Monday, January 31, 2005

“Among the elephants you learn to put things in perspective” – Column by Pieter van den Hoogenband

After a safari of almost three weeks in Africa, I returned to normal life. The traffic - driving on the right side of the road again – wasn’t the only thing I had to get used to when I got back.

I’ve been in a completely different world. No television, no newspapers, no cell phone… It was really strange to see that Feyenoord (= Dutch soccer team) changed half their team when I got home. I didn’t know any of the new players.

When I travelled in South Africa, Swaziland and Botswana I noticed they follow Dutch football closely over there. The young tour guide from Botswana turned out to be a huge fan of the Dutch national team. He was very enthousiastic about players like Van Nistelrooy, Davids, Seedorf and Kluivert. He was also very impressed by Arjen Robben, who he watches on TV every week in the Premier League.

It was quite bizar to be in the middle of nowhere and have a conversation with my tour guide about sports. I was there for the wildlife and nature, which I really enjoyed. My experiences in Africa left an unforgettable impression. In such a completely new environment, you also have a chance to self-reflect and put things in perspective.

I camped out and drove around in a jeep to observe wild animals in their natural habitat. It’s really impressive to see 150 elephants at a river bank drinking water. When you’re only a few feet away from those giants, you realize how tiny and vulnerable you are as a human being. Those elephants could easily deroot a tree with their trunks. Imagine what would happen if they had pushed over our jeep.

In such an environment, you need a reliable guide. He took us to the most beautiful places. We could see up close how two lions were eating their prey. I was astonished to watch these two impressive predators which looked like giant kittens.

The tents we were sleeping in had an open shower. The guide told us that not too long ago, a lion had chased a zebra into one of these showers. When he returned from a safari with a group of tourists, they found a trail of bood leading to the half eaten zebra. A story like that is impressive.

A story like that comes to mind when you hear a terrifying scream in the middle of the night from one of the other tourists. But nothing bad happened… A Swedish tourist had almost stepped on a scorpion. A colleague of our guide had stepped on one of those earlier and had to be taken to hospital immediately.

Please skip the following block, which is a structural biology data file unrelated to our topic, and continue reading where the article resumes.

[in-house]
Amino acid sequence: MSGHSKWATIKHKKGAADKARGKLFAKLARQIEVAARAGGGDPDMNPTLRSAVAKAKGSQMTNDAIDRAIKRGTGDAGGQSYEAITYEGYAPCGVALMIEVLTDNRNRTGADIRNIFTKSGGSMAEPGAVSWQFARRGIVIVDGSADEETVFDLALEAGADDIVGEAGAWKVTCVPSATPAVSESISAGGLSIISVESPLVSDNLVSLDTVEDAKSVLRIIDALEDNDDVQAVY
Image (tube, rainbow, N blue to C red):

On the day before we left, there was a big electric storm. The border river between Botswana and South Africa burst its banks and we had to be transported with a cable cart across the water. When I got off, the cable installation broke down. A friend of mine and two other tourists were stuck 10 metres above the raging water while 10 men were repairing the installation. It took half an hour before they were rescued.

Only when I was safe and sound and flying back home, I realized that some adventures could have taken a wrong turn. Of course you shouldn’t dwell on that for too long, though. I’ve had a great vacation and am recharged to start the season.



Source: AD newspaper, January 27th, 2005


Also read other columns by Pieter van den Hoogenband:

- "Three beautiful blond women as a source of inspiration"

- “During the season, eating is work to me”

- ”On safari Crocodile Dundee was watching over me”

5 Comments:

Anonymous Anonymous said...

I think Pieter is great, but he is beginning to sound a little too full of himself. I mean to brag about being noticed over other people isn't very nice. I mean i'm sure there are places where other olympic medalist are noticed and not him. I think he shouldn't think so highly of himself. It is nice to be a champion but even nicer not to let it get to your head. Anyway, I still think he is great swimmer.

5:34 AM  
Anonymous Anonymous said...

But then again... you and I and millions of other people don't have a clue what it feels like to be an Olympic Champion...! So it's easy to say how he should behave, but if I were him... I'd be worse! Why shouldn't he be proud he's recognized in the middle of nowhere? He's just stunned at the fact and expresses that. Not because he thinks he SHOULD be recognized, but the fact that he IS recognized over there.

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